Do you have recordings of people sounding like chipmunks? This is typically a problem of differentiating tape playback speed. When a tape is played back at a speed that is faster than what it was recorded on, you will get the chipmunk effect. If the opposite happens, then you’re recording will sound slooooooooow with lower tone. When transferring your own media, you may soon discover that not all devices include an option for changing playback speed. In this short guide, you’ll learn a quick method to remove chipmunk effects from your recordings.
Sometimes just transferring to your computer is only the first step to restoring your precious old recordings. Thankfully there exists some great free tools that can help us out when recordings decide to be difficult. One tool, which I’ve mentioned in the past that we use quite often in our facilities, is Audacity. Audacity is a free open-source audio editor. Although a light program, it’s packed with great features you’d normally have to pay an arm and a leg for, and it does them pretty well. In order to change the speed of a recording it first must be transferred to your computer via cassette to cd transfer or reel to reel to cd. Once you have the audio file, open it up with Audacity.
Once it’s loaded onto the timeline, you can now begin to edit the audio. To change the speed of the recording we first must select where we’d like it to take effect. If the file you’re working with is of a consistant speed throughout, you can simply press Ctrl+A to select the whole recording. If there are scattered breaks of different speeds, you’ll need to select only the parts of the audio that need a speed change.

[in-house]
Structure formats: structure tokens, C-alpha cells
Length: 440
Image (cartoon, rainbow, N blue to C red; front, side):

Once you have determined where to place your speed change, you’ll need to click on the effect->change speed menu item at the top of the program.
You will now be presented with a box that you can input values of how much you’d like to change the speed by percent. Putting 50 in the box will increase the speed of your recording by 50%. By inputting -25, you will slow your recording down by 25%. Below that is a convenient vinyl record conversion box which will take care of correcting your vinyl record speeds. Once you determine the correct percentage, click preview to test it out, and then OK to apply the change. Once you are finished with all of your speed changes, you can easily save a new audio file by clicking on File->Export and then selecting your audio type.
We offer audio transfer services such as cassette to CD, Vinyl to CD, and reel to reel to CD in San Diego and Irvine.